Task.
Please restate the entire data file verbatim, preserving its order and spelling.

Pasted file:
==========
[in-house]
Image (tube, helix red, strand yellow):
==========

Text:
[in-house]
Image (tube, helix red, strand yellow):